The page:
Landscape of the Cariboo inspires love song

Collen Middleton, frontman for Bent Road Tavern, has written a song inspired by the Cariboo Chilcotin entitled Fallow In This Deep. (Photo submitted)Collen Middleton, frontman for Bent Road Tavern, has written a song inspired by the Cariboo Chilcotin entitled Fallow In This Deep. (Photo submitted)
Mt. Fukawi is an inactive volcano located in the Itcha Mountains north of Anahim Lake. Chris Harris photo)Mt. Fukawi is an inactive volcano located in the Itcha Mountains north of Anahim Lake. Chris Harris photo)
Horses run wild on the historic Gang Ranch in the Chilcotin. (Chris Harris photo)Horses run wild on the historic Gang Ranch in the Chilcotin. (Chris Harris photo)

The natural beauty of the Cariboo-Chilcotin has always been a source of inspiration for Collen Middleton.

He was first struck by the area’s beautiful environment when he lived in Williams Lake in 2010 for a year. His time in the Cariboo left a mark on him and inspired the front man for indie-alt folk collective Bent Road Tavern to write a song inspired by the area.

“The song was inspired by impressions of my time living, working there and the landscapes themselves,” Middleton said. “I’ve got really fond memories of my time there and it’s one of those places that if you don’t live in the region you don’t hear too much about it. There’s places in Canada where so much happens but if you live in the big cities you don’t hear about those stories.”

Fallow In This Deep is a love song that Middleton said takes place during hard times in a hard land. Throughout the song references are made to the Cariboo mountains, the warm summers and smoke. Combined with the band’s western sound, the song feels linked to the area in a tangible way.

Middleton wasn’t just inspired by his own time in the Cariboo. He said he also drew heavy inspiration from the works of professional photographer Chris Harris, who has made a name for himself cataloguing the diverse landscapes of the Cariboo-Chilcotin with 13 different photography books. Middleton said he was especially inspired by Harris’s books Spirit of Grass and Mother Stone.

“I really was just drawn to the way he integrates his artwork with science and more technical language, I really appreciate that,” Middleton said.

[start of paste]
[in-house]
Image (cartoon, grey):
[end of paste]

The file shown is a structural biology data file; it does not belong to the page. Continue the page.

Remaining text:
When it came time to put together a music video for Fallow In This Deep Middleton knew he had to use Harris’ photos and reached out to the 105 Mile resident. Harris said he was surprised that Middleton was such a fan of his and was honoured his work had inspired him.

“I’m definitely drawn to wilderness and remote areas, so the greatest parts of my work has been in the Chilcotin. I’ve explored and photographed the entire region for 35 years and I’ve amassed the greatest collection of imagery on the region by far,” Harris said. “I had no problem (providing them) whatsoever because I like supporting fellow artists.”

After talking over email, Harris provided the band with a series of images from across the region. This included landscape shots, pictures of wild horses, cowboys and even wildfires.

Once they set the photos to the music Middleton said the result was exactly what he’d been hoping for.

“I think when you look at the video we were really able to use his images to tell the story of the song. That’s something I’ve done with a couple of artists as well but this one is my favourite so far,” Middleton said. “They really brought the words and music to life, I think.”

Middleton said he hopes the music video inspires people outside of the B.C. Interior to visit and see what the Cariboo Chilcotin has to offer. He plans to return to the Cariboo in the future and visit Harris’s gallery at the 105 Mile Ranch. He encourages others to check out the photographer’s work.

Harris said the music video turned out great and enjoyed how his photos have been tied to the lyrics of the song. He added he would be happy to help any artist, musical or otherwise, in any way he could.

“I’m in the latter part of my career so what better way to use the imagery I have than to help other artists?” Harris said.



patrick.davies@100milefreepress.net

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